The Clintons: Security Risks Squared
Hillary Clinton seems to be standing on quicksand. Her every attempt to extricate herself from the burgeoning email scandal only seems to sink her prospects deeper and faster. Now, even Joe Biden is beginning to look hungrily at an entry into the race.
The latest round of revelations – significantly headlined by the New York Times – shows that Madam Secretary's private email server housed top-secret emails. This is directly contrary to what she has been assuring the world all along. She will find it harder to dismiss the Times as the house organ of the "vast right-wing conspiracy." Might there actually be a vast left-wing conspiracy to deny Her Inevitability her rightful place in the succession? It's beginning to look that way.
With her cover stories daily unraveling, it might be useful to note here that putting America's security at risk is something of a Clinton family project. In 1998, President Bill Clinton found himself enmeshed in a widening pool of scandal as he denied having "sexual relations with that woman, Ms. Lewinsky." Because it was a sex scandal, too many in official Washington failed to see the even more dangerous side of the affair.
Presidents have secure lines of communication so that even their private conversations cannot be intercepted by hostile – or even friendly – foreign intelligence services. Military personnel were taught at that time to answer non-secure telephones by alerting callers: "This is not a secure line."
Knowing that his slimy phone conversations with his young mistress could be intercepted, and that recordings could be used by our enemies to blackmail him, Bill Clinton actually joked about it all. He was that heedless of our national security.
Who cares? Well, Egyptian journalist Mohammed Wahby cared. Wahby told Jim Lehrer of the PBS Newshour that the Clinton sex scandal was worrisome. Why? Because it would convince Muslim fundamentalists in his region that the U.S. was weak because it was decadent.
President Clinton should have known this. He had sent his vice president, Al Gore, to Saudi Arabia in 1998 to gain access to al-Qaeda's finance chief, Madani al Tayyib. The Saudis had al Tayyib in custody. The official 9/11 Report would later conclude that "the United States could not get direct access" to the man who might have unraveled the al-Qaeda cash nexus.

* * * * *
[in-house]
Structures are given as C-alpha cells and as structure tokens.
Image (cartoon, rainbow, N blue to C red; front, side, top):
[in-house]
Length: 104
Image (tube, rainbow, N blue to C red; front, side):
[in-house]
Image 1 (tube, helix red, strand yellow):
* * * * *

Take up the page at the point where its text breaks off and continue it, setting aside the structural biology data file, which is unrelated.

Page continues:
Beleaguered by her husband's scandal in 1998, Hillary dismissed the whole thing as "a vast right-wing conspiracy." When, in August of that year, Bill Clinton admitted the truth, Hillary Clinton was never faced with probing questions. She was never asked, for example: "Mrs. Clinton, were you the last of 315 million Americans to realize that President Clinton was not telling the truth about his involvement with a 21-year-old intern?"
House Speaker Newt Gingrich (R) also failed to work the national security angle in this disturbing imbroglio. Americans in 1998 suspected – they told pollsters – that Gingrich simply wanted to drag the whole thing out so that Republicans might pick up House seats in the midterm elections. As it happened, voters were disgusted by the scandal and they held the GOP responsible for putting them through this ordeal. The Republicans actually lost seats in the House.
Hillary Clinton is now apologizing on an almost daily basis for her indiscretions. She now says she "didn't think" about what email system to use. Let's see: Her Rube Goldberg health care plan crashed and burned in 1994. Her eight-year tenure (2001-2009) in the U.S. Senate was marked only by her vote in favor of the invasion of Iraq. She has been apologizing to her fellow liberals for that vote ever since.
Her time at State was notable for her attack on the pro-life policies of Canada's Prime Minister Harper. She launched that particular assault in 2010 while on an official visit to Ottawa. It was the worst example of ugly Americanism in two hundred years of U.S.-Canadian relations.
Most famously, she initiated the "reset" of U.S. relations with Russia. She later told the BBC that everything went swimmingly until that meanie Putin came back into power. She actually thinks there has been a minute since midnight 1999-2000 when Putin was not in power? No one in Europe is so naïve. And surely no one in Russia doubts who rules the Kremlin roost.
Future generations will marvel at the thought of someone who admits to being thoughtless and who, when she does give thought to a subject, invariably gets it wrong. "I didn't think. And I'm sorry." Now, there's a winning campaign slogan.
With Bill and Hillary, we got two for the price of one. With their disregard for the safety of our nation, that's security risks squared.
Ken Blackwell and Bob Morrison are veteran public policy writers in Washington, D.C.